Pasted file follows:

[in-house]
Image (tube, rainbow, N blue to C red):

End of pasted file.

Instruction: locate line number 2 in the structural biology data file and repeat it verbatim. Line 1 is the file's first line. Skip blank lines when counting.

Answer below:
Image (tube, rainbow, N blue to C red):